US President Joe Biden and Chinese President Xi Jinping have discussed the need to avoid letting competition between their countries lead to conflict.
The White House said in a statement on Thursday that Biden and Xi spoke by phone.
The statement said that the two leaders had "a broad strategic discussion," including "areas where our interests converge, and areas where our interests, values, and perspectives diverge."
The statement also said Biden "underscored the United States' enduring interest in peace, stability and prosperity in the Indo-Pacific and the world."
It added that the leaders discussed "the responsibility of both nations to ensure competition does not veer into conflict."
China's Foreign Ministry said Xi told Biden that US government policy on China has caused "serious difficulties" in their relations.
Xi was quoted as saying that Chinese-US cooperation will benefit the world, but confrontation will bring disaster.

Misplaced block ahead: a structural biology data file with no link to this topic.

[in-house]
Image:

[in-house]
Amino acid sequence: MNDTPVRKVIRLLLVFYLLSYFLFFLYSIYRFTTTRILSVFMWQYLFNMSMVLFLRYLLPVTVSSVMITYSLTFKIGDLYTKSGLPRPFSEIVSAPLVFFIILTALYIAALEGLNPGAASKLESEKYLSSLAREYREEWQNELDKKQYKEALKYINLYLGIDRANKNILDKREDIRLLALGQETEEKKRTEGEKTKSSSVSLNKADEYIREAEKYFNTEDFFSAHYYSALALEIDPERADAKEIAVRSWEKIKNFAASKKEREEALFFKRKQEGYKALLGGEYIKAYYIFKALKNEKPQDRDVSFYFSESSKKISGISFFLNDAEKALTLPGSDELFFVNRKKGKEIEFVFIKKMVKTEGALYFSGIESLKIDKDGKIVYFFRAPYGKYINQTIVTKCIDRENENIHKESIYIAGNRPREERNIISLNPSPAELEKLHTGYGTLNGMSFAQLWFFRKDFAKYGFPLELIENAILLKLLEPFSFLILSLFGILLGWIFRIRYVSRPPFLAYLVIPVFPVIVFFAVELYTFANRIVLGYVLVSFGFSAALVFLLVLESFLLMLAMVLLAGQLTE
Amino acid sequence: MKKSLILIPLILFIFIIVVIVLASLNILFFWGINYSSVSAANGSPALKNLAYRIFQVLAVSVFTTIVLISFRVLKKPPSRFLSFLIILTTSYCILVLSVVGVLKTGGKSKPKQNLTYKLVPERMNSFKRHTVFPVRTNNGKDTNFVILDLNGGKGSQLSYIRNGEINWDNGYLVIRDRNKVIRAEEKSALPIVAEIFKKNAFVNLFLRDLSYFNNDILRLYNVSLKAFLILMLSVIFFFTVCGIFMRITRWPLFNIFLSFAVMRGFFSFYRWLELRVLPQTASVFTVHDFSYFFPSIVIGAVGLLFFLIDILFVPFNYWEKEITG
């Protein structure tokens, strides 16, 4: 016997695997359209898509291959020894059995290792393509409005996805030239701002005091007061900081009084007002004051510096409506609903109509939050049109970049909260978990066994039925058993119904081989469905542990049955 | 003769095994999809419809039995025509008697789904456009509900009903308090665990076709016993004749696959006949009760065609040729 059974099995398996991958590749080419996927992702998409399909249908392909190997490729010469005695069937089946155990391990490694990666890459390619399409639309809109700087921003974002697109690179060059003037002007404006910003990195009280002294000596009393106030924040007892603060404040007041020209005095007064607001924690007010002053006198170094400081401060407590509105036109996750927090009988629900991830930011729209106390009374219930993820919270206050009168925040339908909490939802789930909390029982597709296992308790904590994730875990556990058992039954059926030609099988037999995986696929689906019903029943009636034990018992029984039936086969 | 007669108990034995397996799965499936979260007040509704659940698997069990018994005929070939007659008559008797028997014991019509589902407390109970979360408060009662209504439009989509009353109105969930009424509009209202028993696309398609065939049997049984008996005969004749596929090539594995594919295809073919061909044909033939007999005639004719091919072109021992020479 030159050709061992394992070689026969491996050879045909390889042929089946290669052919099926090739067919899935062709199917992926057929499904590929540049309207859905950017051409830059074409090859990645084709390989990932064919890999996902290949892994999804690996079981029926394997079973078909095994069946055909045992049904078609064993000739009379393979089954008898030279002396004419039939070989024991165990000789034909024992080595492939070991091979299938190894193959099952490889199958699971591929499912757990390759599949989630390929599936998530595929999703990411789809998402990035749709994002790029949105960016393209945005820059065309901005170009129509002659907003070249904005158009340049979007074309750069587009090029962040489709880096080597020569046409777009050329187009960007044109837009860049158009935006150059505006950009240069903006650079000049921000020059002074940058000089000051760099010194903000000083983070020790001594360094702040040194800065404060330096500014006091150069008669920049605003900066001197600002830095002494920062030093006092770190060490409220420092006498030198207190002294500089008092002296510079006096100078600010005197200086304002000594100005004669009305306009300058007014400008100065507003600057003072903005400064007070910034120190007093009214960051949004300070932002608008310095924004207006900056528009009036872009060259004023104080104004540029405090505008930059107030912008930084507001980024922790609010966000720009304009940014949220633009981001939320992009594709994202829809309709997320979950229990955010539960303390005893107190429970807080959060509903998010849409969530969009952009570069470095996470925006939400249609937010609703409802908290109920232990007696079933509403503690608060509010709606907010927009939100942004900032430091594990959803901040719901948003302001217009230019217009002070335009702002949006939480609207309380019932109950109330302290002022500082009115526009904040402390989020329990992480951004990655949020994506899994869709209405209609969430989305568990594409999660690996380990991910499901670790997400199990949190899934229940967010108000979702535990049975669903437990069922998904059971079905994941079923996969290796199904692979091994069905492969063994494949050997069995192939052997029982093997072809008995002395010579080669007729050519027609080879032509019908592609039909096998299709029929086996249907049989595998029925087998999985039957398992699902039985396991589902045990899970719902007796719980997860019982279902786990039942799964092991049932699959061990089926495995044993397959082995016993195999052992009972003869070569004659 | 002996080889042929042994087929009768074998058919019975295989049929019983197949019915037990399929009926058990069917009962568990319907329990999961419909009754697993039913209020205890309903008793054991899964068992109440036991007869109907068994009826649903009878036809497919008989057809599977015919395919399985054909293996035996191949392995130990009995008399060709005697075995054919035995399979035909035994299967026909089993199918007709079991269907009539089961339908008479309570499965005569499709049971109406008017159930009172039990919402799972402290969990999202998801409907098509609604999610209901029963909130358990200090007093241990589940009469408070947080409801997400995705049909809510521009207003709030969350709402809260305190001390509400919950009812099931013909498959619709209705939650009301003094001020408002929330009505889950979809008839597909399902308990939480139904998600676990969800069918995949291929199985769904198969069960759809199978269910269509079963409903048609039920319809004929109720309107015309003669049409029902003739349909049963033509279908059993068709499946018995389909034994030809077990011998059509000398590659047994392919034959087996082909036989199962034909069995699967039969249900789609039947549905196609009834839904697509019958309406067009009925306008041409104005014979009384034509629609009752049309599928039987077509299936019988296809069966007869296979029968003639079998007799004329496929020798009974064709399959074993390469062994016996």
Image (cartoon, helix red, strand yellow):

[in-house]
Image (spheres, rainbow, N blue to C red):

Xi reportedly said that by properly managing differences, the two countries can advance cooperation on climate change, COVID-19 response, economic recovery and other major international issues.
Biden has described China as his country's "most serious competitor."
The US has been increasingly concerned about the human rights situation in the Xinjiang Uygur Autonomous Region and China's maritime activities in the South China Sea and elsewhere. The US is ramping up pressure on China in cooperation with Japan and other US allies.
Thursday's talks between the top leaders were apparently aimed at preventing an unintended escalation of the rivalry.